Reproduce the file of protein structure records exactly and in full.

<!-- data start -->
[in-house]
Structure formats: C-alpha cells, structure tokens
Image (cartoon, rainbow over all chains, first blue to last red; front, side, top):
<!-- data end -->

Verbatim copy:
[in-house]
Structure formats: C-alpha cells, structure tokens
Image (cartoon, rainbow over all chains, first blue to last red; front, side, top):